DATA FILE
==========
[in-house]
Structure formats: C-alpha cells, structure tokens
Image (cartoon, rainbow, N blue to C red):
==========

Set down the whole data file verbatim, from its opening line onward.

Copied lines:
[in-house]
Structure formats: C-alpha cells, structure tokens
Image (cartoon, rainbow, N blue to C red):